Go to the Web site of the American Lung Association’s (ALA) District of Columbia chapter, and you’ll see this:
ALADC to Close its Doors This Spring.”
The item explains that as part of a restructuring, the D.C. chapter, as well as those in Maryland, Virginia and North Carolina, will close soon.
You’ll also see this item, a bit farther down:
“ALADC Announces an Historic Decline in District Smokers.”
That might leave you scratching your head.
What? An organization that contributed to a historic decline in smoking rates is shutting its doors just as it is part of an enormous success?
That’s right. It’s all about numbers and is linked to an overall restructuring started years ago by the national ALA. That’s the explanation, but it’s not the full story.
First of all, what the site doesn’t tell you is that the organization is historic. It started out in the early 1900s with a different name and mission: to fight tuberculosis. It worked to reduce tuberculosis rates well into the 1960s, when smoking became linked to heart and lung disease. It’s likely that ALA DC is one of the oldest nonprofit health organizations in this area.
ALA DC did a lot that many people were unaware of.
It hosted a “quitline,” a telephone service that counseled people who wanted to stop smoking. It offered counseling to children with asthma. It ran Camp Happy Lungs, which helped at-risk city kids deal with asthma and get a break in the country once a year. Thousands of D.C. residents benefited from the chapter’s services. It provided information for people dealing with chronic lung disease and emphysema.
Some of these services will continue; the quitline is being transferred to United Medical Center, and a few of the ALA DC employees will be working there on a contract basis (read: part-time, no benefits).
But other hands-on programs will end for good, to be replaced with information on the Web (hardly a good substitute).
So far, none of D.C.’s media have covered this story. So I’m writing this because the word needs to get out – this is too important an event to occur without anyone taking note.
Here’s what we have been able to gather about the restructuring: About six years ago, ALA national decided that having chapters in every state was duplicative and opted to merge the state chapters into already existing regional groups. So ALA DC was slated to merge in 2010 with the ALA Atlantic regional office, along with ALA chapters in Maryland, Virginia and North Carolina.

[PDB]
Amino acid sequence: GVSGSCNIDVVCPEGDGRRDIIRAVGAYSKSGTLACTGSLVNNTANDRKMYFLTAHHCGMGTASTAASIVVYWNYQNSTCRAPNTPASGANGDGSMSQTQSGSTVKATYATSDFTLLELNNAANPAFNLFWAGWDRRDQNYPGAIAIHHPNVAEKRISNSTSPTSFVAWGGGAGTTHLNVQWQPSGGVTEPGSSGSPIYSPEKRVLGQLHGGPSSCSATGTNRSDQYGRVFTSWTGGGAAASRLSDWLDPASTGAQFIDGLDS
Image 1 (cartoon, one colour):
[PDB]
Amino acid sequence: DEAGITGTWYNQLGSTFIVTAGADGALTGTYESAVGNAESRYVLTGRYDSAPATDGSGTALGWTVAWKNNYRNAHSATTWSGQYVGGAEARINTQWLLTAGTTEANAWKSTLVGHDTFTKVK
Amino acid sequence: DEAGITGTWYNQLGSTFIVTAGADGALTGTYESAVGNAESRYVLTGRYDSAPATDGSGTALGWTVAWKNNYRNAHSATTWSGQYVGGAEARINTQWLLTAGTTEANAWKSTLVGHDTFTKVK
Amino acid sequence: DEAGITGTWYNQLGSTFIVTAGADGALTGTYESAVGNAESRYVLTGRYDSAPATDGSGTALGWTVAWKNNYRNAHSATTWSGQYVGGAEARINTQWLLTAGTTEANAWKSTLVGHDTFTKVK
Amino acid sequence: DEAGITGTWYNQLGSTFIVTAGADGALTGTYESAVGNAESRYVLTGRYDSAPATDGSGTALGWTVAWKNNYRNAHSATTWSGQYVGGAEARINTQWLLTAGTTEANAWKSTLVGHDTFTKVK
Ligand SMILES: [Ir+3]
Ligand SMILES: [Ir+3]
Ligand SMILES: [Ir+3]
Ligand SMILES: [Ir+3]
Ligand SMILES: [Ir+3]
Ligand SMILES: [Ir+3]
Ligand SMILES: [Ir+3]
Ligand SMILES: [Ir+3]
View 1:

But as the merger deadline approached, the numbers weren’t looking to good. In January, it appeared as though the Atlantic regional was on the verge of bankruptcy. Because ALA DC – and ALA chapters in Maryland, North Carolina and Virginia – were in the region’s area, they were told they had to close too.
Never mind that ALA DC, with a $2 million budget, was financially solvent. Yes, it had the same financial issues many nonprofits are grappling with during this recession, but it could have made it.
Tobacco control experts will tell you reducing smoking rates – and therefore smoking-related diseases and the attendant health costs – takes three things working in combination: 1) a strong smokefree workplaces law; 2) a solid cessation program that helps people who want to quit do so; and 3) high tobacco taxes to deter young people from picking up cigarettes in the first place.
The District has the first and third, and attained the second largely thanks to a program housed at ALA DC.
In 2006, the DC Department of Health, ALA DC and the American Cancer Society jointly launched DC Tobacco Free Families, a three-year, $10 million campaign to reduce tobacco use prevalence among District residents, particularly disadvantaged populations. Run out of ALA DC, it got busy quickly. It did outreach and provided nicotine replacement therapy to low-income people. It ran mass transit ads and counseled callers.
Over three years, the number of District smokers significantly decreased (from 20.9 percent in 2004 to 16.2 percent in 2008) and the number of District smokers seeking assistance in quitting has significantly increased, with a 500 percent increase in calls to the quitline since 2006.
Bottom line: The program, combined with the strong smokefree workplaces law and higher tobacco taxes, worked. But the program folded this past fall because the District government pulled the funding. A close-out report on the program sums it up well:
As of October 1, 2009, the initial 3-year campaign ended, since funds were not renewed by the District government. Funding is no longer available for community partner grants or media campaigns. Given preliminary findings about the relationship between quitline call volume and media exposure, and the effectiveness of community partners in delivering appropriate services, it may be difficult for the District of Columbia to continue the trends toward reduced smoking prevalence and increased interest in quitting tobacco use.
So ALA DC got hit with a double whammy. First, the District cut a key cessation program. Then ALA national pulls the rug out from under the chapter.
Success in the tobacco control world is a constant effort. It is not something that is “won” and then is over and done with. The tobacco industry is wily and well-funded, and is always looking to expand its market. Fighting it takes constant vigilance and work by a variety of players on a variety of fronts.
ALA DC was a key component in the District’s fight. If we drop our efforts now, that smoking rate will jump back up, more people will get sick and the health care costs will ascend. And the politicians will wonder what happened.
We’ll miss ALA DC; the people who work there really care. We at Smokefree DC worked with them when pushing for a smokefree workplaces law in the District; they were always incredibly supportive and helped with the effort as much as they could.
So goodbye ALA DC. We hope you reinvent yourselves, re-emerge elsewhere and continue fighting the good fight.